Q: What would you like others to learn from your story? 

The most valuable thing I’ve learned in life is to never lose the lesson life teaches.

For all of my life, I’ve had a love of learning, and I’m pretty sure that’s why God, with his or her infinite wisdom and sense of humor, decided to fill the first half of my life with one crisis after another. Through all the trials and many errors, I’ve come to see that life’s challenges, including reaching midlife, doesn’t have to be a crisis.





Wouldn’t you agree that sometimes life can come at you fast and a sucker punch can land without any warning? I’ve been there. I get it. In a split second, you’re in the middle of life-changing choices, insurmountable obstacles, and heartbreaking hardships. It’s what you do with the lesson just presented to you that can change the path you’re on. Chances are, someone has been down that path before and can help guide you out, if you let them.

If by me sharing my painful and crazy life journey can reach out and touch your heart in even the smallest way possible, and help you deal with and let go of the crises and pain in your life, then I’ll feel my words and stories have a purpose beyond what they already hold for me.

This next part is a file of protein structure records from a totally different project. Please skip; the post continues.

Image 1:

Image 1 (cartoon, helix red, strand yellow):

My advice to you is to share your story, it could make all the difference in someone else’s life.



Q: What does feminism mean to you? 

A: Feminism, to me, is an emotionally charged word, placing a person as ‘a feminist’ if they are for feminism or they are ‘a non-feminist’ against feminism. To me, this is divisive, and I’m not about labels, division, or exclusion as much as I am for united, equal, and collective for the common good of all civilization.

It’s was such a powerful and resurfaced word that Feminism was Merriam-Webster’s Word of the Year for 2017.

Feminism, by definition, is equality of both sexes, but its common understanding is the passionate responsibility of the equality of women in the workforce, home, and political front. Its wave of enthusiastic ideology and emotion can cause more opposition than necessary.